South West Australia, AUSTRALIA admin
Australia’s South West Tourism Observatory (ASWTO)
(Tourism Research Cluster)
Margaret River Region (Phase1) and later all of Australia’s South West Region (Phase2)
ASWTO is the first of its kind in Australia and is hosted by the Tourism Research Cluster of Curtin University, a world-class rated inter-disciplinary and cross-faculty research centre, which is part of Curtin’s School of Marketing, Faculty of Business and Law.
FACTS & FIGURES
By continuously and systematically monitoring sustainability indicators for the selected monitoring area, the mission of ASWTO is to ensure tourism development in the Australia’s South West will contribute to the attractiveness of the region as a place to live and to visit while limiting the impact on its sensitive natural environment. The observatory is therefore supporting relevant stakeholders through regular research, data analysis and the provision of recommendations for the implementation of sustainable tourism policies, strategies and management processes.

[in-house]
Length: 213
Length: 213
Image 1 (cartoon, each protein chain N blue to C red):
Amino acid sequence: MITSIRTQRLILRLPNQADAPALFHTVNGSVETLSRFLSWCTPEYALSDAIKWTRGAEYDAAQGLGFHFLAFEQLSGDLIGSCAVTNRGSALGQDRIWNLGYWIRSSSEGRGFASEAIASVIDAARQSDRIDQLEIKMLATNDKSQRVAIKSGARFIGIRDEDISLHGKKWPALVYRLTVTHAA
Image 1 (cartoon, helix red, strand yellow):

Current Monitoring Processes
The initial work of ASWTO is guided by a framework of 20 region-specific indicators in 11 areas, covering eight of the nine themes suggested by the UNWTO. This will be used as starting point for the regular monitoring of tourism impacts in the monitoring area(s) and will be achieved through e.g. the implementation of different surveys, including resident, visitor, visitor movement, industry and tour operator surveys. Insights resulting from these surveys will be complemented by additional data available from other sources and will be extended over time.
KEY MONITORING AREAS
Destination Economic Benefits
Local Satisfaction with Tourism
Solid Waste Management
Regional Production Cycles
Inclusion and Accessibility
DID YOU KNOW…
With 3.2.million visitors (2019), Australia’s South West region is the second most visited tourism region in Western Australia and is an internationally-recognized tourism destination with exceptional natural assets, including remarkable coastlines, superb beaches and forstes, and a diverse marine environment, which is home of more than 4,000 endemic species of plants and 100 endemic species of animals (it is one of only 25 original global hotspots for wildlife and plants). Therefore, the region’s future health and tourism’s success depend highly on a fragile balance between regional development and the preservation of its unique natural environment.
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